8:30pm Several good radio sessions this evening, including to Victoria, B.C. Always nice to chat to other cruisers on maritime frequencies but there was also very good propagation to Australia tonight on 20m so had quick chats with several people I know on the amateur ANZA Net on 14183kHz - very enjoyable.

Heard from friends with Internet that the Taiwanese fishing vessels I've been trying to steer clear of are off to the NE and well out of the way - for over a day, probably - good news, so I was able to relax for the time being. There's another group of fishing vessels closer to the Equator, due N of here, so will need to keep an eye on them over the next two days.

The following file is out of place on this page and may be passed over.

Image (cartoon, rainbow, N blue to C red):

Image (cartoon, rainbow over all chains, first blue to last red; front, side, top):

Saturday 12.45am Tahiti/Hawaii time (Sat 1045 GMT) Was sitting up late, beyond midnight, having just finished some emails, and went to check on our progress. Suddenly realised we were heeling and accelerating.... A squall!

Jumped up on deck to furl in some genoa, cursing myself for forgetting to do that around sunset, as I'd intended to, for overnight... Went to take in on genoa sheet (control line) but saw I'd not furled enough in - so back to other side of cockpit to furl in more, then back again to tension the sheet. A dark night with the moon behind a lot of thick cloud so not giving its usual helpful light.